The addition to the existing building is fine insofar as it mimics the upper floors of the new building. What does not work are the horizontal accents. Better to eliminate them. As it is they look as if they were put in place to “hide” an old. unattractive section of the building.

    This is essentially one project. Planning should not allow the developer to get two allotments from the small cap pool – concurrently. Let the developer choose the priority project and let that project compete with others which have not tried to finesse the cap. Then, later on, if the developer so derrises they can submit the other building for a separate chunk of the cap.

  2. They want a 40 foot setback to preserve the integrity of a generic brick building that happens to be old. What historic preservation has come to mean in this city is absurd. Well-designed project. Would be happier to see a housing component but hope it moves forward in some form.

    1. totally agree. its an ugly plain brick warehouse with no architectural or historical merit. its a shame they cant tear it down and build a uniform design

    2. A city that isn’t really historic (by east coast… or any other city in any other country on earth… standards) clings to whatever it can to claim “unique.”

    3. I think the 25 foot setback is sufficient too. But I disagree that it’s absurd to designate this building as worth preserving. This is a long way from the laundromat in the Mission, there are very few brick building left in SF and even fewer in SOMA. New Montgomery and 2nd Street Conservation District is a great example of preserving a unique style amongst contemporary buildings amongst historical brick facades.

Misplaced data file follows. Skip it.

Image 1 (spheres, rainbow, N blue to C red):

3. San Francisco planners just can’t kill the tired old red brick and put the rest of us out of our misery. Let it go already. It makes my eyes bleed to have to look at this constant mix of grandpa’s brick and mortar and Gen XYZ and beyond’s aspirations fighting to break free.

      1. No hate, just a giant distaste for mixing the ancient past and the future in the same design. It’s like putting moldy fruit in your morning smoothie.

  4. This concept would be a blight on a narrow one way alley in a neighborhood that simply cannot stand further disruptive development.

    The planning department could not possible approve this monstrosity.

    1. If it’s so narrow maybe they can stop the fire department HQ bureaucrats from illegally parking on both sides. Or they could enforce the residential permit parking zone on that block, which they never do. I saw the same car with a SFFD sticker but no license plates and no parking permit (of course) illegally parked on this block of Stanford every single workday for the year I worked there. If the road is so narrow then start with parking enforcement. If there’s enough room to park cars on it then it’s not narrow.

    2. Monstrosity? It’s 5 stories tall! Reactionary attitudes like yours are what has led to a shocking lack of housing construction which has driven prices up, and pushed office growth down the peninsula where everyone drives. Although I would prefer housing, I’d rather see intelligently designed office space like this near transit than a suburban office building.

      Anti-development San Franciscans are notorious for resisting construction and change – which has led to increased carbon emissions and high housing costs.